Marketing data warehouse
A marketing data warehouse consolidates all your data – whether it be from ad platforms, your website, your CRM, or other marketing tools – in a single place. This is important for seeing every customer’s journey through your company’s funnel and touchpoints, from first contact to playing your game. This information can help you understand pain points and provide a better experience for prospective and current players.
- Tools for the job: Google, Amazon, and Microsoft all offer data warehouse solutions. Additionally, companies like Supermetrics can help you create a cohesive pipeline from your different data sources into your data warehouse.
Visualization tools allow you to digest all the data you have access to. Looking at raw data is massively difficult and overwhelming, but data visualization makes it easy for a data scientist to identify trends and turbulence in your marketing initiatives.
- Tools for the job: Upptic has out-of-the-box views for marketing performance. Platforms like Tableau, Google Data Studio, and Observable offer data visualization services. Additionally, many MMPs come with data visualization tools.
Workflow management tools
A workflow manager allows you and your team to keep on top of all the marketing initiatives. Between paid advertising, evergreen content, data analysis, and creative development – workflow management tools are essential for ensuring work isn’t forgotten and gets completed on time.
- Tools for the job: Workzone and Workamajig offer project management tools aimed at marketing. Wrike, Trello, and Asana provide general workflow management solutions.
Workflow automation tools
Workflow automation tools make it easier for you and your team to stay on top of work and smoothly transition from one phase of work to another. These can take some time to prepare, and require established pipelines so you can organize inputs and outputs, but are well worth the setup required.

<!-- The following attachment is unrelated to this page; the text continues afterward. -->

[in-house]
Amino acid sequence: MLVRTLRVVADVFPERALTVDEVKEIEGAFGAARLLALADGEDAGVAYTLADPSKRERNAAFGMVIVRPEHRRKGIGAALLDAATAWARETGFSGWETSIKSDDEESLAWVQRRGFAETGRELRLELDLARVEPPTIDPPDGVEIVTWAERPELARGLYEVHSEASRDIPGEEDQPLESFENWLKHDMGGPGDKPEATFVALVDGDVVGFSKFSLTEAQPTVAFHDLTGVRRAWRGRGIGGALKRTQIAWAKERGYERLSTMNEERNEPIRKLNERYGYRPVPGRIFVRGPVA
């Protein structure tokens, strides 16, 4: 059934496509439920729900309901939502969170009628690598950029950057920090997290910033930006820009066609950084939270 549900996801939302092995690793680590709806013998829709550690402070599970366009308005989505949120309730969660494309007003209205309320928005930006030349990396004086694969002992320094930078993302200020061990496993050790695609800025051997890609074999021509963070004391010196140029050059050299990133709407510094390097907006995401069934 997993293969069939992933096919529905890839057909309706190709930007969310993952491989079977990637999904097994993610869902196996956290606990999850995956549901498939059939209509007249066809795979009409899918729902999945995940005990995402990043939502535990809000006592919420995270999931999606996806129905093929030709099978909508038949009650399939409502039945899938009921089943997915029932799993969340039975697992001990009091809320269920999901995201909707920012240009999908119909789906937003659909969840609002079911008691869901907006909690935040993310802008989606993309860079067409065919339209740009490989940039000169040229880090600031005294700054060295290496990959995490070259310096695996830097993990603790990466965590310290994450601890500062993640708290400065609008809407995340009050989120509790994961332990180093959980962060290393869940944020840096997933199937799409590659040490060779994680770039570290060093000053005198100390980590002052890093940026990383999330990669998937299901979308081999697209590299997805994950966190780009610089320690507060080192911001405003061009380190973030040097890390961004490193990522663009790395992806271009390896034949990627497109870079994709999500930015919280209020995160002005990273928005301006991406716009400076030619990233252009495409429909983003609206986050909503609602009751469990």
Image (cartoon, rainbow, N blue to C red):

- Tools for the job: Zapier allows you to integrate different tools with each other and set up triggers for automated actions. CRM tools like HubSpot and Salesforce Marketing offer automation within their ecosystems. And management tools like Trello and Asana provide some automation as well.
Beware of mobile ad fraud
Mobile ad fraud is the bane of marketers everywhere. In the most simple terms, mobile ad fraud is the act of using mobile ad tech to defraud advertisers, game publishers, or supply partners. Mobile ad fraud comes in three forms: app install farms (also known as SDK spoofing), click spam and ad stacking, and click injection fraud.
In 2018, fraudulent web traffic made up over a quarter of industry ad spend – roughly $66B. It’s expected that ad fraud will cost the industry $81B for 2022. Additionally, it’s estimated that 31% of iOS app installs and 25% of Android app installs are fraudulent.
How to avoid ad fraud
As you can see from these statistics, mobile ad fraud is a major source of lost revenue and ad-spend for the industry. So what can be done about it?
The #1 thing you can do is to carefully examine your attribution data and make sure none of your data exists in a silo – this includes having access to as much data as you can get from marketing partners. Pooling all your data together makes it easier to find inconsistencies and irregularities (such as repeated IP addresses for conversions). Having a team member devoted to detecting ad fraud is one of the best ways to make sure no ad fraud slips through the cracks.
Additionally, many MMPs and ad platforms offer ad fraud prevention tools that can help with your own ad fraud prevention efforts.
- Tools for the job: MMPs like Adjust and AppsFlyer have tools to aid in ad fraud prevention. Make sure they’re a part of your marketing stack.
As you can see, there is a lot of work and attention to detail that goes into mobile games user acquisition. If you forget everything else that you’ve read today, the most important things to remember are that data and data-analysis are king, iteration and optimization is imperative, and engaging with your audience in creative ways is key.